The pencils are otherwise good. The scenes where the Corps attack Guy and Kilowog are filled with detailed action complemented by fantastic constructs as dozens of characters come alive on the page. Later in the issue once Guy’s construct rocket dies out, Pasarin pencils a series of panels where Guy incrementally becomes angrier, perhaps representing his giving into the power or after affects of the red ring he previously wore. Each offers slight variations from the other, but accurately paints his overall, underlying demeanour. Where the book’s art truly shines though is during the Gardner-Jordan fight at the end of the issue. Pasarin, Smith and Eltaeb combined their efforts to create an epic battle between the two Green Lanterns that dwarfs their previous fight. Every panel from that point until the final page is a treat to look at.
With this issue I feel like the previous seven issues of Emerald Warriors have finally come to ahead to push the War of the Green Lanterns storyline deep into its next stage. Following the Green Lantern and Green Lantern Corps issues released the previous week, Emerald Warriors finishes setting the table for the plot by driving home the immediate volatility of the situation the Green Lanterns have found themselves in. Continuing forward, we find Guy Gardner and Kilowog following the footsteps of Jordan, Stewart, Rayner, and Ganthet as being the sole Corps members to have experienced the taint of Parallax before; this has immediately relegated them as the core six whom know fear and have overcome it. This clearly differentiates them from their teammates who have found themselves under the parasite’s influence. The story aside, I thought the fight between Gardner and Jordan was a nice homage to their previous fight from almost 20 years ago. It was a fun treat for as a long time fan to see round two of their hostilities.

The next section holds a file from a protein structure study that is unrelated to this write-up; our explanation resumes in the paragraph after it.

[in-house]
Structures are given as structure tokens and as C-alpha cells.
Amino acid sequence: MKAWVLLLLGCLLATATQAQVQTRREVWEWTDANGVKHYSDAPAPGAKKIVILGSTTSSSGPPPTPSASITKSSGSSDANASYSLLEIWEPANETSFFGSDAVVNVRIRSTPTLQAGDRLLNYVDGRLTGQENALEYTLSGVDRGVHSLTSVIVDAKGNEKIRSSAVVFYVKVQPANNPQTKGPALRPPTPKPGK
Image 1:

Emerald Warriors to this point has strongly hinted towards Gardner’s greater role in the overall scheme of the story, although it’s hard to predict where the direction of this book will be headed in the larger context now with the blood pact between he, Ganthet and Atrocitus revealed. With that I feel like the book lost some of the initial intrigue and mystery I felt it had after the first issue. The veil has been pulled off so to speak. Together with the other two titles though this book is an essential piece to the greater story which at least for now maintains its position among readers in terms of importance. The story as a whole has certainly become more interesting now that the four earth lanterns have de-powered their rings so as to stay off the radar from Krona. At least in the short-term with all of this going on the book is essential regardless of whether you’re a casual or avid reader of Green Lantern. Yet in the long-term once this story has concluded I’m not sure what will be done with Emerald Warriors, or whether the book has the ring-charge to last.